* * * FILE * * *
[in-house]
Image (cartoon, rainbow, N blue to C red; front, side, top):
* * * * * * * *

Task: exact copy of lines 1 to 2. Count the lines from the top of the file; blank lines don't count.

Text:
[in-house]
Image (cartoon, rainbow, N blue to C red; front, side, top):